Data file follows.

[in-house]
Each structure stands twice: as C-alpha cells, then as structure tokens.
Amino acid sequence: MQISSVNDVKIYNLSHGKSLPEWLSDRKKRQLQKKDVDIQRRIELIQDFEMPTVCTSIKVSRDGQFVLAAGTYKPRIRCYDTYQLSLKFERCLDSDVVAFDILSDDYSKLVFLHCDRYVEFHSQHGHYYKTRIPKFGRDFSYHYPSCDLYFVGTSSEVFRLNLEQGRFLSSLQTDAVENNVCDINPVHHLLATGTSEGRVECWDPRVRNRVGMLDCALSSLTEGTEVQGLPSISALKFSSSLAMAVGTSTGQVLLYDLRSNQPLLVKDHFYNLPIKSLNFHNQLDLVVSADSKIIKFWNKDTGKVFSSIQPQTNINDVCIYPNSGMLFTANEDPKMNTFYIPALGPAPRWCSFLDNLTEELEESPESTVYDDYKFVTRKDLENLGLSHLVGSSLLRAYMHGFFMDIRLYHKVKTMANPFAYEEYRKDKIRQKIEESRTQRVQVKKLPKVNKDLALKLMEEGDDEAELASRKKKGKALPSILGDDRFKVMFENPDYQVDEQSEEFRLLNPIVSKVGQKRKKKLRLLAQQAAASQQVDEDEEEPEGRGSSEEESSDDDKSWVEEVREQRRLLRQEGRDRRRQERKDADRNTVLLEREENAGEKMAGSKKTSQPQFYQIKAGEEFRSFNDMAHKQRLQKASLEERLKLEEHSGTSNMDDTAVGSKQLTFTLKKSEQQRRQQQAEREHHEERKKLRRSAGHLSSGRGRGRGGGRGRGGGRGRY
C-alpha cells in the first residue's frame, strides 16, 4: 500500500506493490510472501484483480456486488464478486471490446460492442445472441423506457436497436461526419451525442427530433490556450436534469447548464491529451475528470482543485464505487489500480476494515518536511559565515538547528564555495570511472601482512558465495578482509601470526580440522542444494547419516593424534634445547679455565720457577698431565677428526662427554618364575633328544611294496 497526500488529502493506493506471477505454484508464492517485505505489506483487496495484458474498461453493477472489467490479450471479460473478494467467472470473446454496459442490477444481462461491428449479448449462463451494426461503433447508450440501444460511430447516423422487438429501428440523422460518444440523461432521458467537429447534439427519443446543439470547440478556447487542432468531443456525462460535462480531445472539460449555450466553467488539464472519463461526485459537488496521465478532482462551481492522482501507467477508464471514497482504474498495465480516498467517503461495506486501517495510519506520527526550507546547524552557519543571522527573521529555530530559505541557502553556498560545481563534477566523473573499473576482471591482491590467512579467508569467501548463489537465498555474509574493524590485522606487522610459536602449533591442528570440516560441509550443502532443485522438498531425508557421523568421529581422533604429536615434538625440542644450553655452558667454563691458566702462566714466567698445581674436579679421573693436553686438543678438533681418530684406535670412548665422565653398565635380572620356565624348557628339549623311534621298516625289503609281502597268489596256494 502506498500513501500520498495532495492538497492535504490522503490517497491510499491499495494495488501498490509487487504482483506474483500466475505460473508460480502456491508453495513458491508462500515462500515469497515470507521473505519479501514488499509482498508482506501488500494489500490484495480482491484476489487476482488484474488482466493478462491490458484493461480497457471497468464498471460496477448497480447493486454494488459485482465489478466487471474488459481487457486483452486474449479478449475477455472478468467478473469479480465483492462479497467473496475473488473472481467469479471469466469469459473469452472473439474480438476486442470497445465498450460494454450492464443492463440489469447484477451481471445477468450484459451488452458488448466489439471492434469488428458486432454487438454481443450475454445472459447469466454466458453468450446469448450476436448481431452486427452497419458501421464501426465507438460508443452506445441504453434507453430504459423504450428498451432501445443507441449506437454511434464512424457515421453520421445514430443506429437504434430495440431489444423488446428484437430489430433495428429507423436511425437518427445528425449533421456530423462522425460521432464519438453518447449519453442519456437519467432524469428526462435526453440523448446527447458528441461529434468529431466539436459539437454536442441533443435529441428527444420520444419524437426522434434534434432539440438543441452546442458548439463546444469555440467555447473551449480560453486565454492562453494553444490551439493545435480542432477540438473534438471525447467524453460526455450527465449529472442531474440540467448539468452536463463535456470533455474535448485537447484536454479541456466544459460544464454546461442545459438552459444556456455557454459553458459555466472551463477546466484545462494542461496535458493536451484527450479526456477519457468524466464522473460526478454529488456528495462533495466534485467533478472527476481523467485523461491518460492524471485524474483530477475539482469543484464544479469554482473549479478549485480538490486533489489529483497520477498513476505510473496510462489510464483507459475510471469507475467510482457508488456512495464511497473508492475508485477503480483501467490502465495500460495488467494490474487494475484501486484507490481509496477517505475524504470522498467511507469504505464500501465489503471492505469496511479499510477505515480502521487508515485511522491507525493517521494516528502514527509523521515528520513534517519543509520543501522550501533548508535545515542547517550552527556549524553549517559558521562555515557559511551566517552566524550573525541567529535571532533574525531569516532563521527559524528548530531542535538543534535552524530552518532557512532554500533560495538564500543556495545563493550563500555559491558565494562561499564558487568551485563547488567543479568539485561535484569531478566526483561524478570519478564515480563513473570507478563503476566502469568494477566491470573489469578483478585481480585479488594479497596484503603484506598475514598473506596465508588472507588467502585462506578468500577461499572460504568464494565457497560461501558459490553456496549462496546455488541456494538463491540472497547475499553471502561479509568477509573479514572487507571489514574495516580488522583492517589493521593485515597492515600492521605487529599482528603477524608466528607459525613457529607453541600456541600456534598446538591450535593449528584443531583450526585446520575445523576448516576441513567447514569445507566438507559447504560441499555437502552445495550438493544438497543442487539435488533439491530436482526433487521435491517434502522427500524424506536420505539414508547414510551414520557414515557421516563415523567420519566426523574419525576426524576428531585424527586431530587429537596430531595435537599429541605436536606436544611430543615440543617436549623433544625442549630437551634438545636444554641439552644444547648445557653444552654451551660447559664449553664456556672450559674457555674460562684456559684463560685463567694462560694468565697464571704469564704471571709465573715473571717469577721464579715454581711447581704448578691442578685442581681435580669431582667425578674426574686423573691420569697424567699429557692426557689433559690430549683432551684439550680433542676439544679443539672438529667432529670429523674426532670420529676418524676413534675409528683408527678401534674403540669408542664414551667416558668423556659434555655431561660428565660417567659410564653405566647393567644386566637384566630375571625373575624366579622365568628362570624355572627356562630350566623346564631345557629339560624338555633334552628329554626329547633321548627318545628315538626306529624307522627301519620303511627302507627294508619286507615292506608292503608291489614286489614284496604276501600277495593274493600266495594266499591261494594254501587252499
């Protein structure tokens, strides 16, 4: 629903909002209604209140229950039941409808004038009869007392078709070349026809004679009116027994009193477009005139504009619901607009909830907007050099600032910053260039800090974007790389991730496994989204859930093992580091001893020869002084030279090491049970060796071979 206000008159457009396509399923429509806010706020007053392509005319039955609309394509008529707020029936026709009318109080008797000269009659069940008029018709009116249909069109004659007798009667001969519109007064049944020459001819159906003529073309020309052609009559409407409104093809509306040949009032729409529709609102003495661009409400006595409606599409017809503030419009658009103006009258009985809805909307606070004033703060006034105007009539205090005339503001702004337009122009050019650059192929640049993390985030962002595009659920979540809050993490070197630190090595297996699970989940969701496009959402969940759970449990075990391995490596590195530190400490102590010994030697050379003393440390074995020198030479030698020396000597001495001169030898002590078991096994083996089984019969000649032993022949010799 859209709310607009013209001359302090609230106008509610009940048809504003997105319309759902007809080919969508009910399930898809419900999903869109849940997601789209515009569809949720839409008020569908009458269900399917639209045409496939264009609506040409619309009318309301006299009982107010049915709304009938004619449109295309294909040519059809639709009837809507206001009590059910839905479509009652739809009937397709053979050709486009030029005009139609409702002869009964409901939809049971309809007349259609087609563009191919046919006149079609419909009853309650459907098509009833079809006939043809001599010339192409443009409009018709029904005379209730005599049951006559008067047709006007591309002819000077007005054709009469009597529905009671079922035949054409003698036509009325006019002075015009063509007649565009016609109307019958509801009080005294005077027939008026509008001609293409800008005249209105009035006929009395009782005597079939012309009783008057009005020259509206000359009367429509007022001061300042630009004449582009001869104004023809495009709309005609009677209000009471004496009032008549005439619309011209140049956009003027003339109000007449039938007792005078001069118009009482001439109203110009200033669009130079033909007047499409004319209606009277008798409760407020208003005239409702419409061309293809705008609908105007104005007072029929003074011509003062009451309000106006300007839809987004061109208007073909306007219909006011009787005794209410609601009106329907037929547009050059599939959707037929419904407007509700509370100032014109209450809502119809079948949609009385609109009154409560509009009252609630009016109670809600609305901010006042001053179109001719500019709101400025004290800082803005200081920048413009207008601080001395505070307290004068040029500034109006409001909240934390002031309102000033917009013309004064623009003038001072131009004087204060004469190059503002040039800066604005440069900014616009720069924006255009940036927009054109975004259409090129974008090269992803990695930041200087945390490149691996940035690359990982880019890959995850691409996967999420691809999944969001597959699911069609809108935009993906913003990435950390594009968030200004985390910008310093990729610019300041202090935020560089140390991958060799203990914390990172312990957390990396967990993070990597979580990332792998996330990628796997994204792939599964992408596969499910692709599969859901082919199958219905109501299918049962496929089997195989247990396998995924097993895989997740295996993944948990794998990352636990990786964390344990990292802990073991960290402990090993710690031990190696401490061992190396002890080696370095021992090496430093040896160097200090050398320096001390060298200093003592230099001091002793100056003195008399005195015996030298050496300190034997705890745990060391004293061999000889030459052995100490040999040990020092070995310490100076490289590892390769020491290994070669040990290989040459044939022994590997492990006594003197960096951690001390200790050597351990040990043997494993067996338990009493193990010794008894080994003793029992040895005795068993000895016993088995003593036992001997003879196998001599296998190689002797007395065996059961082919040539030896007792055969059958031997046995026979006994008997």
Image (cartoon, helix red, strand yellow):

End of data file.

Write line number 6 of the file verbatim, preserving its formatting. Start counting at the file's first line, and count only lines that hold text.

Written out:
Image (cartoon, helix red, strand yellow):